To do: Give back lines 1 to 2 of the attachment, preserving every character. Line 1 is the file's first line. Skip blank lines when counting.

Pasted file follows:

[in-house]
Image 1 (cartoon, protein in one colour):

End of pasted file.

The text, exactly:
[in-house]
Image 1 (cartoon, protein in one colour):